All ETDs from UAB

Advisory Committee Chair

Chenbei Chang

Advisory Committee Members

Stuart Frank

Louis Justement

Fang-Tsyr Lin

Rosa Serra

Document Type


Date of Award


Degree Name by School

Doctor of Philosophy (PhD) Heersink School of Medicine


Growth factor signals often regulate similar cellular processes both during embryogenesis and in adult homeostasis. Stringent control of these signals ensures proper embryonic development and correct cell physiology in mature individuals. Recently, a family of two members of Tomoregulin (or transmembrane protein with epidermal growth factor-like and two follistatin domains [TMEFF]) was found to interact with transforming growth factor-β (TGF-β) and ErbB signaling pathways, both of which are implicated in development and in cancer biology in the adult. The function as well as the mechanisms of TMEFFs in modulating these two signals has not been elucidated in detail. In this dissertation, I investigate the activities of TMEFFs in modulating signaling by the of TGF-β and ErbB pathways in a vertebrate model and in mammalian cell culture, respectively. In the first part, I showed that TMEFF1 selectively inhibits nodal but not activin signals in early Xenopus embryos through direct interaction with the nodal coreceptor Cripto. Accordingly, Cripto rescues the inhibition of the nodal signaling by TMEFF1 in Xenopus ectodermal explants. Furthermore, I showed that the Cripto-FRL1- Cryptic (CFC) domain in Cripto, which is essential for its binding to the type I nodal receptor ALK4, is also important for its interaction with TMEFF1. This study demonstrates for the first time that nodal signaling can be regulated by a novel mechanism of blocking the Cripto coreceptor. In the second part, I uncovered a novel association between both TMEFFs and all four ErbB family members in iv coimmunoprecipitation assays. The epidermal growth factor-like domain of TMEFF1 was dispensable for its association with ErbB4, suggesting that TMEFFs bind ErbB receptors in a manner unlike orthodox ErbB ligands. Functional analyses of the consequence of TMEFF/ErbB interaction revealed that TMEFFs do not affect ErbB signaling in tumor cell lines despite the direct physical association. TMEFFs may thus have subtle effects on ErbB-regulated processes in a cell type- and/or environmentdependent manner. In summary, my work identifies direct associations of TMEFFs with Cripto and ErbB receptor tyrosine kinases and suggests novel roles for TMEFFs in modulating TGF-β and ErbB signaling during embryonic development and tumorigenesis.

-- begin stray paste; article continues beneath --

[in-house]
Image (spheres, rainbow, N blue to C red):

To view the content in your browser, please download Adobe Reader or, alternately,
you may Download the file to your hard drive.

NOTE: The latest versions of Adobe Reader do not support viewing PDF files within Firefox on Mac OS and if you are using a modern (Intel) Mac, there is no official plugin for viewing PDF files within the browser window.